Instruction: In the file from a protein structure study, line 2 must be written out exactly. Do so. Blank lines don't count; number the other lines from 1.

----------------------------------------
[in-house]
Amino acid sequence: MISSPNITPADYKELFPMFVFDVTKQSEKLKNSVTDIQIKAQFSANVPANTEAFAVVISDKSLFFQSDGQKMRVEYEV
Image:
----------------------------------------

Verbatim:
Amino acid sequence: MISSPNITPADYKELFPMFVFDVTKQSEKLKNSVTDIQIKAQFSANVPANTEAFAVVISDKSLFFQSDGQKMRVEYEV